Anyone following the share market will have noticed a 40 per cent decline (since the middle of last year) in the share price of Australia's biggest beef producer, the Australian Agricultural Company (AACo). Major reasons have included losses related to its Darwin abattoir, and a write-down of livestock values.
Three years after opening its $100 million abattoir (employing about 200 people), AACo has launched a review into the underperforming asset. AACo's recent ASX announcement notes that for FY18 it expects to report an EBITDA (earnings before interest, taxes, depreciation and amortization) loss "in the range of $30 million to $40 million. This compares with FY17 statutory EBITDA profit of $133.2 million. Significant items related to losses at the Darwin Abattoir (Livingstone Beef) are in the range $60 million to $65 million.....The FY18 Statutory EBITDA expectation also reflects a decline in cattle prices relative to the end of FY17, resulting in an expected decrease in AACo’s livestock inventory market valuation in the range of $70 million to $80 million".
AACo's experience is a sobering taste of reality in the face of a popular campaign over many years from animal activists and many (especially Labor and Greens) politicians to replace Northern live exports with slaughter at export abattoirs.
AACo made big losses from operating its (apparently unviable) new facility, despite it being the only substantial abattoir operating north of a line from Perth to Townsville. There is a real possibility that the Darwin Abattoir will be wound back or even shut down, and it is most unlikely that any other big abattoirs will be opened up in Northern Australia in the foreseeable future.
In short, this all suggests that there is no economic alternative to the live export trade for Northern cattle. Over 75 per cent of Northern properties are reported to be partially or completely reliant on live cattle export.
We all recognise that animal welfare issues arise in relation to live export. What is important to realise is that all live export is not the same. Cattle are far more resilient travellers than, for example, sheep, even when being transported domestically by truck. The length of sea journeys, hot destinations, and condition at the time of loading all affect animal health en route. Proper ship design (e.g. non-slip floors, good ventilation, no overcrowding) is also very important.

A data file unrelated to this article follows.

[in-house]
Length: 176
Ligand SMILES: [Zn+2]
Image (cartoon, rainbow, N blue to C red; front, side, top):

Sailing time from the Port of Darwin to Jakarta is just three and a half days, and the cattle have access to feed and water during the journey, something not possible during long distance transport by road to domestic abattoirs. Overall cattle mortality during sea transport to Indonesia (by far our largest live export market) is less than 0.1 per cent, and is only slightly higher to other Asian destinations, which take most of our export cattle.
According to the RSPCA, sheep deaths on the way to the Middle East are significantly higher. They are lowest in the first four months of the year, rise to a peak in August and remain above 1% until after October. Mortality approximately doubles when sheep are transported from the Australian winter to the Middle Eastern summer (May to October). Good management and well designed ships are essential to ensure animal welfare and low mortality. Air-conditioned ships could potentially overcome problems with seasonal heat in the Middle East, which is a big issue for live-sheep export.
Demand for Australian live cattle has been hit hard since July 2016 by the introduction of Indian buffalo meat into the Indonesian market, though there has been some diversification of live cattle exports into alternative Asian markets. (Indian Buffalo meat is an inferior but cheaper product that also carries the risk of spreading foot and mouth disease.)
A recent conference has heard forecasts that exports to Indonesia could fall from the 600,000 to 700,000 head sent in the 2014 to 2016 period to as few as 300,000 head in 2018 and beyond. From January to March this year 60,000 fewer cattle left Australian shores for Indonesia, than in the same period last year. There is said to be a lot of pressure (from Indonesia) on getting the export beef price down, and the importation of Indian buffalo meat has been hugely significant.
Poor returns and frustrating business conditions have already caused Elders to cut its last investment ties with the live-export sector in Indonesia. It is selling its 8200-head feedlot and abattoir near Jakarta. The company has stated that "as with our decision to sell the live export business, return on capital was the primary driver, but we’ve also have found it increasingly difficult to do business in Indonesia".
In the context of AACo's and Elders' experience, and market conditions in Indonesia, it is illuminating to look at the response of foreign owners of Northern beef properties.
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